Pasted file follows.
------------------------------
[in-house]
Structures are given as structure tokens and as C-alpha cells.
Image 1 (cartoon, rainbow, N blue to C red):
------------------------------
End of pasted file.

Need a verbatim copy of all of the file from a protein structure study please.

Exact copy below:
[in-house]
Structures are given as structure tokens and as C-alpha cells.
Image 1 (cartoon, rainbow, N blue to C red):